The Interior Life Of: Natalie Sytner

natalie sytner interior life of
The Interior Life Of: Natalie Sytner Vicky Grout

Natalie Sytner credits serendipity with helping her find her current home. Six months pregnant and bedridden with morning sickness, after hours of scrolling on Rightmove, the Bettina Ceramica founder came across a familiar-looking house in Kensal Green, northwest London. ‘I’d walked past it so many times, and thought it was like a Tardis,’ she says of the property’s surprisingly grand proportions. At the viewing, the estate agent revealed that, coincidentally, he had a client wanting to move to the road Sytner was living on. A swap of photos followed, and within 24 hours she found herself not only in a position to sell but also to buy her dream home.

The former fashion PR and her family – husband George Yandell, a creative director, and their two daughters, Gia, five, and Alba, three – moved into the converted vestry, attached to an old church and a one-bedroom former rectory (which they also own), in 2021. ‘It’s a really lovely area to bring up a family,’ she says of the house’s proximity to design havens Habibi Interiors and Retrouvius, as well as Queen’s Park and the Italian culinary institution L’Angolo Delicatessen.

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natalie sytner interior life of
Vicky Grout

Sytner set about renovating the 3,800-square-foot home almost imme- diately, employing a contractor who happened to be a former tenant of the property, familiar with the house’s unusual quirks. ‘It’s hard to find out exactly when the house was converted because it has been remodelled by so many people,’ she explains, of its higgledy- piggledy construction. ‘Whenever we have work done on the house, the workers always say how confusing it is.’ The property is arranged over three floors, consisting of a converted garage, which now houses the living room, an ‘open-plan, lofty kitchen’, a cobbled central terrace, five bedrooms, five bathrooms and a roof terrace that is yet to be redecorated. ‘The plan is to create built-in seating and a big trellis with lots of jasmine and a stainless-steel outdoor kitchen,’ she adds.

interior life of natalie sytner
Vicky Grout

With an astute eye for juxtapositions, it was important for Sytner to ensure the house retained its original features, while incorporating contrasting tactile textures like the living room’s concrete ceiling, reclaimed metal doors, chunky white floor- boards and Arabescato marble countertops. It’s an aesthetic she believes she has inherited from her design-loving parents. ‘They loved combining contemporary with trad,’ she notes, recalling growing up in an ‘eclectic old house’ in Rutland’s country- side. ‘They had a stainless-steel kitchen and polished plaster walls, which is very cool now but unusual in the Nineties,’ she says, noting her mother’s choice of floor-to-ceiling Fornasetti velvet curtains and a sky mural on the kitchen ceiling.

Reimagining conventional designs in contemporary ways has formed the foundation of Sytner’s Italian-heritage-inspired homeware company since its launch in 2021. ‘We take pieces that are traditional, and can be quite loud, and modernise them by remaking them in a white glaze,’ she says, referring to the squiggly-rimmed bowl that sits on her marble-topped kitchen counter and ceramic-covered doorways. It’s unsurprising that, when it came to choosing a colour palette for her home, Sytner wanted something ‘very contemporary, relaxed, warm – and white’.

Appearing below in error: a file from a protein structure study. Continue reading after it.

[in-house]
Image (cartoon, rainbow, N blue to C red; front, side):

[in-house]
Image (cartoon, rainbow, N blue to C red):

natalie sytner interior life of
Vicky Grout

‘White is my big thing,’ she jokes, remembering the hours spent choosing the perfect shade (Little Green’s Shirting) to complement the subterranean ground floor and largely reclaimed wooden furniture. The whitewashed walls form a perfect backdrop for Sytner’s personal art collection, which includes inherited paintings by Beryl Cook (‘my late uncle owned the Portal Gallery in the West End and looked after really interesting, idiosyncratic artists’), oil canvases by the figurative painter Bernard Dunstan RA in the kitchen and a piece by her one-and-only employee Maya for the bedroom, in shades of rusty orange, brown and pale blue. ‘She painted it in the kitchen while we chatted,’ she says.

Curating a comfortable familial space was imperative for Sytner, which explains the leather Eames lounge chair (formerly her father’s) in the living room. ‘His dream was always to own one – it’s a real great love of his,’ she notes. Other considered seating choices include a vintage nursery chair from Sunbury Antiques Market, a Buchanan Studio chair in the master bedroom and Arne Jacobsen Ant dining-room chairs.

natalie sytner interior life of
Vicky Grout
interior life of natalie sytner
Vicky Grout

A devotee of eBay, Vinterior and auction houses, Sytner loves vintage (‘there’s not a lot in the house that’s new’) and is perfectly happy to wait years for the perfect item. ‘Our coffee table was made from cardboard boxes with a big piece of linen thrown over the top until the specific burlwood Conran Shop table came up on eBay,’ she explains, revealing that she regularly scours ex-display sections of websites for a bargain. ‘Our kitchen sofa is ex-display from SCP, as are our kitchen appliances,’ she adds, noting a carpenter made new MDF doors for the kitchen cabinetry, which she later decorated with black knobs and hardware from Corston. ‘We redid the kitchen as best we could on our budget.’

Along with plans to expand Bettina Ceramica’s linen collection and make the brand ‘the place you go to for the best Italian gifting and craftsmanship,’ Sytner looks forward to seeing her home evolve as her daughters grow up. ‘In the morning, they’re both on their scooters and bombing around the kitchen island. They’re really enjoying living here – it’s amazing.’


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